I hope these are helpful to you all!

    3. Im a freshman! Great list but #11 really bugs me and makes me sad. Yes I realize they are not all true friends AND we will be going separate ways in a few years but that doesn’t mean we cant all still be friends right! Have you guys ever heard “Highschool isn’t time to find your husbands, its time to find your bridesmaids” which I think is true (i used to not like it cause I have always wanted a highschool sweetheart) I know there are a lot of new friends ahead but I also know i’d like to stay close to my close group of friend.

    4. I love this! I’m nearly eighteen, and even less than two years later, I wish I would’ve understood some of this stuff. Number eleven, though—I personally don’t think you should purposely try to “not get too attached” just because you might not be in each other’s lives. Take the time in high school to plant, cultivate, and grow your relationships with your friends, and if you really want them in your life, you’ll find a way to keep them, even if you go to college thousands of miles apart. You’ll make new friends, but your high school friends are always going to hold a place in your heart.

    5. Like others, even though I’m almost 18, I wish I could’ve heard some of these things sooner. But I really don’t agree with #11. After all, you might make some true friends that will stick with you for a lifetime. Just don’t worry if a couple of your friends drift away. I’m not saying don’t care because it’s always sad to lose a friend, but maybe years down the road the two of you will meet and reconnect and form a deeper bond than what would’ve formed before. Just pray and see what God has in store for you.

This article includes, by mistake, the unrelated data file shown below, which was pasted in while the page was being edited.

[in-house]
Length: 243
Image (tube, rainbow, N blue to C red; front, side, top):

6. I don’t really agree with number 6. I am 16 and I am in a serious relationship with a man that is 19. But my point is that Not all 16 yearolds are to immature emotionally to date a guy. If a girl meets a guy when she is young doesn’t mean she should just ignore him or anything like that because he may be the one God had for her. If anyone doesn’t agree with me then please reply so I can see other peoples views. 🙂

    7. But wouldn’t life be sad if you lived without strong connections to those around you? If you just wandered without having an intimate bond with someone you can trust and talk to? Becoming attached to friends is half of what makes school bearable. Without close friends, who would you relax with? Who would you turn to? Who would you talk to? Who would you cry with when your entire teenage world is crumbling? So I don’t necessarily agree with the advice to not get attached to friends.
      I also have a problem with the one about boys. Generalizing ALL teenage girls as not “emotionally mature enough” for a relationship is a little too broad. There are some girls out there who are most definitely ready for a relationship and might actually meet their future husband in high school. So putting every teen girl under the stereotype blanket isn’t exactly accurate.
      The rest of them, however, are true and are such good pieces of advice.